Chronic fatigue syndrome (CFS), otherwise known as myalgic encephalomyelitis (ME), is a long-term illness that deeply impacts numerous body systems resulting in a range of wellness issues.
The CDC estimates that globally around 17-24 million people from CFS or ME and those that suffer often cannot perform life’s daily activities. As an essential provider that is committed to health and wellness, at Progressive Medical Center, our team is composed of board-certified physicians and medical team experts that are dedicated to helping our patients turn their lives around through therapies and treatment protocols.
When it comes to CFS/ME patients, we are keenly aware of the overwhelming fatigue that can affect both the mental and physical aspects of patients. We are also aware that of the estimated 2.5 million Americans suffering, more than 90 percent of individuals with this illness have been able to attain the correct diagnoses.
Whether due to miscommunications with healthcare providers, lack of medical training, or education on timely diagnosis and care, it can be a difficult and lonely road to find the right type of treatment.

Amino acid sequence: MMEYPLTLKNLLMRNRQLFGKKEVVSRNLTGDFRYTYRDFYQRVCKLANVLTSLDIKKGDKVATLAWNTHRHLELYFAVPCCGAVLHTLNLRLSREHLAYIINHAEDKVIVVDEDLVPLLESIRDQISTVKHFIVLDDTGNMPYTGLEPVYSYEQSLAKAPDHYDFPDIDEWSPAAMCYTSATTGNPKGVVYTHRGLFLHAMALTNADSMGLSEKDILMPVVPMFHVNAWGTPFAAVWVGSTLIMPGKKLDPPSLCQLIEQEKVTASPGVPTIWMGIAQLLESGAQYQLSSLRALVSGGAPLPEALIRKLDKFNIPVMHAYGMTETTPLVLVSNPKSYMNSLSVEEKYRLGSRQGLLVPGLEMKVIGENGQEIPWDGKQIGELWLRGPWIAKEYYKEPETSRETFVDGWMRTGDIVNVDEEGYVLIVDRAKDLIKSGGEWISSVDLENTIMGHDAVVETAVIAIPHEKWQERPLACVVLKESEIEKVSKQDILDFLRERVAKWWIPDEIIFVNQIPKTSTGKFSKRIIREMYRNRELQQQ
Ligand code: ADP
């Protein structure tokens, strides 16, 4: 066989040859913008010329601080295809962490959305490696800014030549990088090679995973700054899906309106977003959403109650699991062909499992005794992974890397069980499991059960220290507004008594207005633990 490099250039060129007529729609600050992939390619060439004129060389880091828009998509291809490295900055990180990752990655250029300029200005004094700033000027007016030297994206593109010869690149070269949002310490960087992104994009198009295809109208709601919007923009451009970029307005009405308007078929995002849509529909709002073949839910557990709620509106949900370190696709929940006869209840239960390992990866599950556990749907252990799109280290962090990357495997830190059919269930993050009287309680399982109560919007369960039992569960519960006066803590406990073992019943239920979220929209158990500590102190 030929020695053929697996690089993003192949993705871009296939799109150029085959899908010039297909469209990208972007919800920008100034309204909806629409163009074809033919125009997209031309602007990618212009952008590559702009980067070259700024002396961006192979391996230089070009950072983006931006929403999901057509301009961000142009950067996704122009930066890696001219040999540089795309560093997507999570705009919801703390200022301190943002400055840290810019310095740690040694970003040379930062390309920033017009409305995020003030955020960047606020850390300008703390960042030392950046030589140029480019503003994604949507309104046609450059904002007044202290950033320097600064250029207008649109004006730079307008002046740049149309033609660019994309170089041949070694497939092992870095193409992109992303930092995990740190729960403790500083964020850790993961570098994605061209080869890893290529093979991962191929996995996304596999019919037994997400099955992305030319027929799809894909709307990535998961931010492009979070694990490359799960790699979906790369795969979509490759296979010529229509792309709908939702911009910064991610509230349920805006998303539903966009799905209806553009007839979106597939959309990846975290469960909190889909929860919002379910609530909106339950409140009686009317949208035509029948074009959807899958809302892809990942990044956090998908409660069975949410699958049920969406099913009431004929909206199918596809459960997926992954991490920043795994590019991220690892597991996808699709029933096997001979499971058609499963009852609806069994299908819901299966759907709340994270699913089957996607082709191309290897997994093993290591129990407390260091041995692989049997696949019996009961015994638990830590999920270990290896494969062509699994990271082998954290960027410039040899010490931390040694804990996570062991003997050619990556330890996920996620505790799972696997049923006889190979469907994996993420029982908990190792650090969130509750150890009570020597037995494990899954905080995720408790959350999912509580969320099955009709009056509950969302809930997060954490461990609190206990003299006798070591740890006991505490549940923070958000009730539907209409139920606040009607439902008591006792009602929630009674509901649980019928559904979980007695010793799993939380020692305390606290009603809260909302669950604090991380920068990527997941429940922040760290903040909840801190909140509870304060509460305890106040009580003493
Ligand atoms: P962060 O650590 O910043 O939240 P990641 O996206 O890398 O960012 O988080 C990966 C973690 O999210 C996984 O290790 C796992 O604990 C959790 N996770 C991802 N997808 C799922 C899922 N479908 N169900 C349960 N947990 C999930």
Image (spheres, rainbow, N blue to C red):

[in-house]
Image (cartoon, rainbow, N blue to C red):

There are three main symptoms of CFS/ME:
A drop-in activity levels accompanied by fatigue that lasts longer than six months is one of the primary symptoms. Fatigue can include severe tiredness, not finding relief in sleep, not attributable to rigorous activities, and was previously not an issue.
PEM is a type of unpredictable physical and mental collapse that occurs after doing routine tasks like going to the grocery store, doing laundry, taking a shower, or attending a social gathering outside of the house. This “crash” worsening CFS/ME symptoms like headaches, sore throats, issues with sleeping and may not allow the sufferer to do anything including leaving the house for several days.
Falling asleep and/or staying asleep proves a difficult task for people with CFS/ME. Even if a full night of sleep is possible, those with this condition rarely feel well-rested.
There are two additional core symptoms, one of which must be present for a diagnosis to be complete. The first includes struggling with memory or thinking skills and feeling stuck in a brain fog. The second involves something called orthostatic intolerance which refers to a worsening of symptoms like feeling dizzy, faint, or lightheaded in addition to vision changes when seated upright or standing.
Other common symptoms that impact people with CFS/ME include:
While there is no cure for CFS/ME, there are different ways to manage or treat the numerous symptoms. Learning how to actively manage the worst symptoms is an excellent coping strategy that can reduce the disruptive nature of the disorder.
At Progressive Medical Center, we take a unique approach to health and wellness and offer a wide array of extensive, non-invasive options for treatment. To learn more and discuss why our center might be the right partner to get to the bottom of any chronic fatigue experience, get in touch today.